The ONLY other viable option I can think of is nihilism. (Radical skepticism, total rejection of meaning, knowledge, morality, and purpose. Yeah, it’s bleak.)
I can either bow in submission to the holy God that made me or crawl into the grave I’ve dug for myself. Everything else is a distraction, a delay of the inevitable, an avoidance of the real issues that demand my response.
Wrestle with me?
Guys, I’m no giant of the faith, no superhero for rock solid conviction.
Now you know my history of struggle. Like the hymn says, I’m “prone to wander, Lord, I feel it. Prone to leave the God I love!”
In a couple weeks, I’m going to hand my cherished son over to a brain surgeon.
And all the doubts will come screaming back.
“Is God trustworthy?” “Do I want to serve a God that might allow my son to die?” “Have I been lied to so I’ll keep conforming to the ‘rules’?” “Am I lying to myself to comfort myself?” “Is anything real?” “Can I ever know anything for sure?”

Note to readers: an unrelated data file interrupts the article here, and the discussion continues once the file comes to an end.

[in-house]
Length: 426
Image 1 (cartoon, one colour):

Friends, this life is a battle. I’m more convinced than ever of God’s nearness, faithfulness, holiness, mercifulness and realness. But it’s still a battle.
I don’t want you going through life distracted from the most important matters. Don’t leave questions unasked. Don’t live life unexamined. Don’t ignore the claims of Christ.
Hopefully by now, I’ve shown you I’m an open book and your doubts and struggles will not shock me. I’d be so honored to talk and wrestle through this life with you.
To the God that pursues me, despite my unbelief and sometimes downright rebellion, I will ever sing;
“Streams of mercy, never ceasing, call for songs of loudest praise. Praise the mount, I’m fixed upon it. Mount of Thy redeeming love.
Here I raise my Ebenezer (A stone of remembrance, a declaration that God has brought me this far. 1 Sam 7:12), Hither by thy help I’ve come.
Jesus sought me when a stranger, wandering from the fold of God. He, to rescue me from danger, interposed His precious blood.
Let thy goodness, like a fetter, bind my wandering heart to thee. Prone to wander Lord I feel it, prone to leave the God I love.
Here’s my heart Lord, take and seal it, seal it for Thy courts above.”